25. Asking your waitress if they’ve tried such and such, and then, if she tells you she hasn’t, saying they should.  (I will NEVER eat an oyster, and I should not just to suit you.)
  26. Trying to order off the kids’ menu.  (Don’t be a cheapskate.  Restaurants don’t make any money off kids’ menus.)
  27. Letting your kids make a horrendous mess and then leaving it (and what’s more, letting them destroy/open up all the sugar packets).
  28. Not hardly drinking your beverage halfway through the meal, and then sucking it down in a minute flat and shaking your empty glass of ice like a maraca.
  29. Making fun of how your waitress pronounces mayonnaise, even though it is the grammatically correct way.
  30. Making a deal about your burger having mayo on it, when it says it comes with mayo on the menu.
  31. Stealing your waitress’s pen.  (That’s why you only get crappy pens.)


5-Minute Memoir to Writer’s Digest (former submission)


The Writer’s Mind—A Literary Vitamix

I love blends. I don’t like pure cotton, because it shrinks. I don’t like plain chocolate–I like to have some nuts thrown in there (I don’t like pudding for the same reason, I like different flavors and textures). I love the new Coca Cola machines I see in fast food restaurants because I like Coca Cola and I like cherry, and I don’t want to have to choose.


I’m the same when it comes my writing, which makes it hard for me to pigeonhole whatever it is I’m working on (besides the broad category of novel, poem or short story). Me, I’m “V.C. Andrews meets Mormonism”, or “Fractured Fairy Tales” twisted with Biblical allegories. I even came up with a Shaggy God story told from a grown-up Alice (of Wonderland fame).


Blending genres starts off as an art (like cooking) and ends up being a science (like baking). You not only have to have the raw materials, you have to make sure they’ll work together. If writing is painting with words, my palette is the Crayola 64-count.


What helps me most with novel writing is to make a full outline (and back story, though you have to be careful with this—a reader is supposed to get to know the characters as they would a real person, a little bit at a time), and make sure something happens in each chapter. Each of my chapters is like a mini-short story, instead of just a continuation of the previous. That keeps me on track, and it’s also helpful if you want to have a cache of short stories on hand for contests (before the book is being considered by an agent).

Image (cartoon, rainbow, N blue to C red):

Though it’s still a challenge to convert chapters of a book into stand-alone short stories, this way makes it easier.


If you have imagination, you can find the extraordinary in the ordinary. You won’t even need to look, because writers see what non-writers see. When I see an apple, I don’t just see a red, green or yellow (or candied) apple, I see Eve’s curiosity, the legend of William Tell, the story of Johnny Appleseed…


Sometimes just one word can be an inspiration. Think acrostic poetry.


Other times, a person, no matter how small, can be one of our greatest inspirations. Before my child was even born, I wrote her a nursery rhyme, which inspired me to write forty-nine more for a collection. Rather than putting my fifty eggs in one basket, I’ve been trying to publish them individually (while seeking a publisher who would consider publishing them as a book). That inspiration led to writing personalized nursery rhymes for my friends, who have been having babies.


Building up and then breaking down (whether it be books into chapters, or collections into individual short stories or poems), that’s what I do. You have to be flexible that way. I’ve had novel chapters that make better short stories.